“We had 18 corners though.” A regular, post-match exclamation on the back of yet another poor performance. That the result of the match was a 2-0 defeat, and the particular stat used to try and impart any kind of positive spin on a poor day at the office, has no relevance to the scoreline, seems lost on a manager under pressure. Press conferences reek of irony, as journalists gleefully thrust microphones under quivering chins, and all manner of recording devices sit on the table in front, blinking red and occasionally bleeping, just to let him know they are taking note of every, single word, awaiting the ‘foot in mouth’ moment that captures the headline.

It’s a self-preservation mechanism of course. No one likes losing and everyone, even the best, like to find excuses for doing so. The last thing you want to do when you go in front of the press after the game (although it would be refreshing to hear it more often) is hold your hands up and admit you were shit. They know their observations will be the following days headline and this is their opportunity to convince you, the punter, that what you’ve just suffered and just about managed to make it through ‘til the last, harrowing, minute of the 90 without losing your voice, wasn’t actually as bad as you thought. He clearly doesn’t realise that you’ve only just managed to keep your precious, 25-year-old ceremonial scarf that has seen many, many similar defeats over the years, around your neck rather than lob it trackside, frustrated at the lack of invention and quality from the aforementioned corner after corner.

Mark Twain summed it up perfectly with his immortal observation; ‘There are three kinds of lies: lies, damned lies, and statistics’ and in an era where we have more close up cameras than a Ron Jeremy movie, video analysis and the information gleaned from it have become both a useful tool and a comfort blanket in equal measure.

On a weekend where several managers have lost their jobs, it is far more important in my opinion that managers look beyond the stats. Fans will quickly see through an attempt to pull the wool over their eyes. One defeat in six, will suddenly become one win in seven on the back of another loss the following Saturday when the run contains four draws and they’re fed up with your defence losing soft goals and suffering through yet another drab, performance.


Whilst stats should NEVER be used in an attempt to cover up a poor run of results, or another defeat, there is no doubt that video analysis and the information gathered should be used in order to gain any type of advantage you can when preparing your team for a particular challenge. Indeed, as I alluded to last week, if you’re not using whatever means you can to give your team an edge, you are being contemptible. One incredible thing that came out from the weekend was that Liverpool players, under Jurgen Klopp, are running on average more than 1km more per game than they were under Brendan Rodgers. An incredible statistic at any level and I’ll leave you to make of it what you will.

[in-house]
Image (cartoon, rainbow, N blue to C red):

But how do you use the information and the endless hours of analysis to your advantage?

As soon as the weekend’s match is finished, your mind immediately turns to your next opponent. As the manager suffers his way through the after match press conference, the assistant will usually be finding out who’s fit, who’s suspended and who’s likely to be available for the following Saturday. The video analyst will be sought out (if you’re lucky enough to have one) and a copy of the game you have just watched will be despatched into the Louis Vuitton (Primark) toilet bag.

You use every possible resource you can to gain an advantage and in Scotland, outside the big guns, things are ALWAYS done on a budget. We used our contacts at Dundee University to have intern production media students, film games for us. We were fortunate that the great Dundee broadcaster Dick Donnelly’s son Ian, a Dundee fan, had developed a sports analytical programme called Focus, that was being used by sporting organistaions worldwide, and we used our Dennistoun charm to convince him to procure his services for the best of ‘mates rates.’
All of this meant that by 6pm on a Saturday as we left the ground, we had DVD copies and a laptop programme of the match that highlighted everything from corners, free kicks and set-plays to turnovers, attacking plays and defensive situations.